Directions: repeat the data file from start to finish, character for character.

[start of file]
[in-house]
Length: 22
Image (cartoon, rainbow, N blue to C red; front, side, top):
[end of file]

[in-house]
Length: 22
Image (cartoon, rainbow, N blue to C red; front, side, top):